Are we witnessing something similar today with the corporations? With the rise of the multi-national corporation the nation-state has increasingly become an endangered species as these institutions are fluid and porous, being tied to no particular geography, and therefore becoming sovereign entities in their own right. Because they are tied to no particular geography (being multi-nationals and all), they also are bound by no particular constitution or set of legal constraints. Additionally, should state based officials attempt to heavily regulate these institutions they find that their days are numbered because the corporation can just pick up its ball and move elsewhere, thereby taking away jobs as well and thereby imperiling the re-election of the official. Their only choice is to suck it up and eat the shit-sandwich of the corporation. So increasingly the notion of representative politics disappears or becomes erased altogether. Hell, these institutions (I guess we’re supposed to call them “persons” now as they have free speech) even have their own private armies. Blackwater, for example, is 20,000 strong in Colorado, with its own artillery, helicopters, armored vehicles, and so on. And perhaps one of the most frightening things I’ve ever heard about Blackwater is that they only contribute to one political party, the Republicans. What kind of corporation doesn’t hedge its bets? It’s not unlikely that all these institutions, at some point, will all have their own private armies. I remember clearly visiting my father at his office one day, a highly placed pharmaceutical research institution, and encountering a swath of guards with menacing looking automatic weapons hung from their shoulders. “What’s your business here son?”, a hand resting lightly on the dark, well-oiled device of destruction. Later, when I finally got to my father, he said “you can’t just come here like this, it’s dangerous.”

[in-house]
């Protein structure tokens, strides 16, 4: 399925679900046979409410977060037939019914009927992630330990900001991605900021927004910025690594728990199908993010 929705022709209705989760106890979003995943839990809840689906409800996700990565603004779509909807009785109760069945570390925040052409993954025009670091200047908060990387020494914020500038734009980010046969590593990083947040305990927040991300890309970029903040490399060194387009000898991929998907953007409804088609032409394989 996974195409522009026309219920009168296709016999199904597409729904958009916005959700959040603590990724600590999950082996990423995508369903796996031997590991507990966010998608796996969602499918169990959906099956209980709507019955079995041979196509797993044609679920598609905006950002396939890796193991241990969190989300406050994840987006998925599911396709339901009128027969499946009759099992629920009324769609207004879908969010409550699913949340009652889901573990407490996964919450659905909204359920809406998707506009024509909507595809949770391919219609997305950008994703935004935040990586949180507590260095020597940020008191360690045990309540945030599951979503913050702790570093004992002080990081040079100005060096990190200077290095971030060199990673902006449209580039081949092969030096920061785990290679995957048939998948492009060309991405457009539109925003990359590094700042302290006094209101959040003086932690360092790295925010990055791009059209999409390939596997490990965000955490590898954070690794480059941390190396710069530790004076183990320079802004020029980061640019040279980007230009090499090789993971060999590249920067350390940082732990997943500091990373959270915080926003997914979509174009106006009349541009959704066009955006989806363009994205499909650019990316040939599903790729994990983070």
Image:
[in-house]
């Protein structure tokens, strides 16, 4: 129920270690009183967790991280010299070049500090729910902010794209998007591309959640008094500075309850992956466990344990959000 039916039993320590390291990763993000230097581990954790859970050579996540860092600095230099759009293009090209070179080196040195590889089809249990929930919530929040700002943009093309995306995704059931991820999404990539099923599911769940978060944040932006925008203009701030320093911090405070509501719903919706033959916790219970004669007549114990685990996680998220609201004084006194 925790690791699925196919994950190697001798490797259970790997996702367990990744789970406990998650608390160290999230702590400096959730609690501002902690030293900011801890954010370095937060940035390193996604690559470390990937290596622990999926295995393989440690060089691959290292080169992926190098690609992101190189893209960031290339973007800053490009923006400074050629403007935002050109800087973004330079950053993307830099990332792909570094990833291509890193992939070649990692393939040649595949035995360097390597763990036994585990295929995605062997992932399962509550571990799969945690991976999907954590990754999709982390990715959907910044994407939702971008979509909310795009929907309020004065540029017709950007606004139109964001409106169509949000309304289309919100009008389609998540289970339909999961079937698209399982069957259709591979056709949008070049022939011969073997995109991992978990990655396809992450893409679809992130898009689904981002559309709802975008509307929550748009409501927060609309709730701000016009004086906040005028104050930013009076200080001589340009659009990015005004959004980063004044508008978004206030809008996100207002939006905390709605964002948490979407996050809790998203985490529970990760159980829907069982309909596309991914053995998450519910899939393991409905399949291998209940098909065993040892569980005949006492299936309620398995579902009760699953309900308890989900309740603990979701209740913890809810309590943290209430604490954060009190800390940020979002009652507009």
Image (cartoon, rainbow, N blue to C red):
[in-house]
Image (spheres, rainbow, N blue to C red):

With the end of constitutional orders, should this occur, what will our new world look like. We won’t, for example, be citizens of anything any longer. Perhaps instead of being citizens tied to a geography we will instead become share holders, members, or workers of corporations that form a new type of politics that we can scarcely imagine or understand within the framework of our current traditions and assumptions and where political conflict becomes some strange conflict among corporate entities attempting to maximize their share of the market and the resources. In some respects this could be a promising future as perhaps it would lead to something like international law and representation, allowing for the founding of a new common where we no longer thought in terms of national interests (“it’s good for ‘Merica, who the hell cares if it screws the rest of the world!”) but instead think in terms of global interests. But somehow I doubt it. Call me cynical. Most fundamentally, however, when such powerful and wealthy groups control the flow of information, what gets heard, are capable of drowning everything else, or, at the very least, are capable of making us believe that all information is already contaminated and false, representing some disguised nefarious interest such that we can trust nothing, are capable of criminalizing forms of organization like unions, and when they control governmental representation, how is it possible to fight back in any meaningful way. I remember that really awful science fiction film with Emilio Estevez and Mic Jagger, Freejack. In this dark future the corporations controlled everything. The people at the feet of the great sky scrapers scurried about with no representation or power whatsoever. Whereas the people in the sky scrapers controlled everything. Is that where we’re heading or do I need to lay off the cyber-punk dystopian novels?